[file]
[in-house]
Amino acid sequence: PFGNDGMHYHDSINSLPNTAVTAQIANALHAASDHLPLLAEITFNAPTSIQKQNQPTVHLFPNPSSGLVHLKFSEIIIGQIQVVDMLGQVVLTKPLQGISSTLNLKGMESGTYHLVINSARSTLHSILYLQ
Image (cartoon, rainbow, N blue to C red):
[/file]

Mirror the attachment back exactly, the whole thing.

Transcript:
[in-house]
Amino acid sequence: PFGNDGMHYHDSINSLPNTAVTAQIANALHAASDHLPLLAEITFNAPTSIQKQNQPTVHLFPNPSSGLVHLKFSEIIIGQIQVVDMLGQVVLTKPLQGISSTLNLKGMESGTYHLVINSARSTLHSILYLQ
Image (cartoon, rainbow, N blue to C red):